Wal Mart stores major crime problem.

August 18, 2016

 

Darrell Ross—Officer Walmart to his colleagues in the Tulsa Police Department—operates for up to 10 hours a day out of the security office of a Walmart Supercenter in the city’s northeast corner. It’s a small, windowless space with six flatscreen monitors mounted on a pale blue cinder-block wall, and on this hot summer day, the room is packed. Four Walmart employees watch the monitors, which toggle among the dozens of cameras covering the store and parking lot, while doing paperwork and snacking on Cheez Whiz and Club Crackers. In a corner of the room, an off-duty sheriff’s officer, hired by Walmart, makes small talk with the employees.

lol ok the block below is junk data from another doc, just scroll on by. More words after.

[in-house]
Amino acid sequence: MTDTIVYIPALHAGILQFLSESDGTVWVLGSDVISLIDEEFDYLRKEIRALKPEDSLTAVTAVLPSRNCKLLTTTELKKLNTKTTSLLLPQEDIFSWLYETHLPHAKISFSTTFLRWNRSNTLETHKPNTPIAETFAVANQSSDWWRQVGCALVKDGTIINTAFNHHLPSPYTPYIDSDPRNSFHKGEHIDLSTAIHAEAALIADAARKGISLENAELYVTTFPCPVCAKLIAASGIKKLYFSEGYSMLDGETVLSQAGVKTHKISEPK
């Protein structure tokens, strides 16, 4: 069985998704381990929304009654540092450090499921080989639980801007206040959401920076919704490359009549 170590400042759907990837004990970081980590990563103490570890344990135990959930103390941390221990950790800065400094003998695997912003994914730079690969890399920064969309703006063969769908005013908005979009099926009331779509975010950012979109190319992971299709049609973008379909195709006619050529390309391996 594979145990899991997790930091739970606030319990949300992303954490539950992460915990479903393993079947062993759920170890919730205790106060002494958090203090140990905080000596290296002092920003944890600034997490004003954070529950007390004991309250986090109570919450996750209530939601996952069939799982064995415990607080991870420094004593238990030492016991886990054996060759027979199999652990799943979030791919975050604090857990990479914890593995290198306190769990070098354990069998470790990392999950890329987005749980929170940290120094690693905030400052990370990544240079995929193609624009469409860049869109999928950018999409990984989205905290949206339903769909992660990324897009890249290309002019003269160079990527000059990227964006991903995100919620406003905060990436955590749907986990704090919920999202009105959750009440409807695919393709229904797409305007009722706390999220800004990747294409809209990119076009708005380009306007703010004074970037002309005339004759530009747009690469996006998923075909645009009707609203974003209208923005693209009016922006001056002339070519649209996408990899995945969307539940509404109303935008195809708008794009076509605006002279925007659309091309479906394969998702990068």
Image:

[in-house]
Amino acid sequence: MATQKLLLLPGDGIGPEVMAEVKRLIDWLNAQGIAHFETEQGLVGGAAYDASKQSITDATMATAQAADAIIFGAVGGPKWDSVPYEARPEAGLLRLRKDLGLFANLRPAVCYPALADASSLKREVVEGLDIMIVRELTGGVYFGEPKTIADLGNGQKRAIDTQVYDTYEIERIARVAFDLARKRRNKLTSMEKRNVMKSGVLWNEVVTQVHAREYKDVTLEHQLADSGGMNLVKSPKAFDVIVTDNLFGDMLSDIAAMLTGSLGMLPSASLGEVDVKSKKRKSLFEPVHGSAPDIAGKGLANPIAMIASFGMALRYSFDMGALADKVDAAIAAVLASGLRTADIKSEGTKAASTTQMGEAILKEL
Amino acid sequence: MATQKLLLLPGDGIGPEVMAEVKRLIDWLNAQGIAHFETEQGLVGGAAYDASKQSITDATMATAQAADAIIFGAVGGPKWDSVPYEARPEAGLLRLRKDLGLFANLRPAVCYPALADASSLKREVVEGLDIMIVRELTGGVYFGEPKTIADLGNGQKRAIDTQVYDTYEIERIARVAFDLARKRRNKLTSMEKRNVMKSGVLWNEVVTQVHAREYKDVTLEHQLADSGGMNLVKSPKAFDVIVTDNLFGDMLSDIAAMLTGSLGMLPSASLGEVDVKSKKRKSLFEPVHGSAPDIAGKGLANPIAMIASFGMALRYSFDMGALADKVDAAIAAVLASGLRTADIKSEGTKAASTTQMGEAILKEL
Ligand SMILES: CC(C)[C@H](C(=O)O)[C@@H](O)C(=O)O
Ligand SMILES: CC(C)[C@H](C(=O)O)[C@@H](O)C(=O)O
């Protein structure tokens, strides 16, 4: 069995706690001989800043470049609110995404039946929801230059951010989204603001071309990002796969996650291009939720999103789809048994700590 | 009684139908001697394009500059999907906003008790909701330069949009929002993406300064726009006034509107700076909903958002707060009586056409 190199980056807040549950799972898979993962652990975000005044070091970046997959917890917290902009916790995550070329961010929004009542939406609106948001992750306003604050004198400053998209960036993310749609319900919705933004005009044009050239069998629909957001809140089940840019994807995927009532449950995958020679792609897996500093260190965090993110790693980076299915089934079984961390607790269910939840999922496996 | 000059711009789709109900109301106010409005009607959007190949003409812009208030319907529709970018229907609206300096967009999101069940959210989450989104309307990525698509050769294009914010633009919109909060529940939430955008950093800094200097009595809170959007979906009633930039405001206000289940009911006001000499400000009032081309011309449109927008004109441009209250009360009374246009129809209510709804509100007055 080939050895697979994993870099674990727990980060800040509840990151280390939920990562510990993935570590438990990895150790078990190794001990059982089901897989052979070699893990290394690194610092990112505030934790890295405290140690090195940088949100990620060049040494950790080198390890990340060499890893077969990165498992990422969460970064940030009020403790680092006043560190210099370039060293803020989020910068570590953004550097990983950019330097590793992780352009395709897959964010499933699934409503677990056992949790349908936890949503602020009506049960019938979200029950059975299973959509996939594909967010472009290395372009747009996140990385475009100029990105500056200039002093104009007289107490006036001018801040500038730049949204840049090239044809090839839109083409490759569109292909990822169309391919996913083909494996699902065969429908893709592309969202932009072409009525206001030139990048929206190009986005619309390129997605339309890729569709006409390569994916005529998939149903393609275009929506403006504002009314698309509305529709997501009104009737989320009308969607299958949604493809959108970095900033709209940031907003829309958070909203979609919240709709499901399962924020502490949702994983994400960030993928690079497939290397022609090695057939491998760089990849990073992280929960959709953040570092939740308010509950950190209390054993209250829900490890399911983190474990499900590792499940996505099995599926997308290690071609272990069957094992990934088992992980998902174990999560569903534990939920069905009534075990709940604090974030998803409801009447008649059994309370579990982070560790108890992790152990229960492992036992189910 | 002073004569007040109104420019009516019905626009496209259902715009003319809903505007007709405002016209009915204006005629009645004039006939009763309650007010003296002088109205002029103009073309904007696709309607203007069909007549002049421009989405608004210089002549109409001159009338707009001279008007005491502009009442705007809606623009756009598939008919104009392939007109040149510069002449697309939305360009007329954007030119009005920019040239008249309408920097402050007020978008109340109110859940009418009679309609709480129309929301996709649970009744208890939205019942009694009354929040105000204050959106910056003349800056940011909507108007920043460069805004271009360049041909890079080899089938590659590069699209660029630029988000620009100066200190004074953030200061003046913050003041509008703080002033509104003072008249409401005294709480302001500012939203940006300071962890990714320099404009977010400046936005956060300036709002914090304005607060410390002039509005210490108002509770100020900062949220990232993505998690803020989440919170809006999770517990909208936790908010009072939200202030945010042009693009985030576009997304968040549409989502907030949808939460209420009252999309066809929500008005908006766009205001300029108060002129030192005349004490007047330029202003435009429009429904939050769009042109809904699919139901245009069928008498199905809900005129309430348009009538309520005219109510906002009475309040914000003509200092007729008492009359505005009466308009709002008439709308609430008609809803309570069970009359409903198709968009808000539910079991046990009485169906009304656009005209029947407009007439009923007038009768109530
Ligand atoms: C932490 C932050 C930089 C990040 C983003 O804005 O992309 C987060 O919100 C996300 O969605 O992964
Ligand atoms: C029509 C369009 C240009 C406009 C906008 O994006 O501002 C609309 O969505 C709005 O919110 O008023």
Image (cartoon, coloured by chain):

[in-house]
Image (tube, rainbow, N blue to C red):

As soon as Ross walks in the door, around 2 p.m., he’s presented with an 18-year-old who tried to leave the store with a microwave oven. Ross focuses his gaze and talks in a low voice to the young man, who just graduated from high school and plans to go into the military. He also attempts to calm the boy’s mother, who rushed to the store and is worried that her son won’t be able to enlist if he gets a criminal record. “You need to start taking responsibility for your actions,” Ross tells the teenager. “You’re a man now.” READ MORE...

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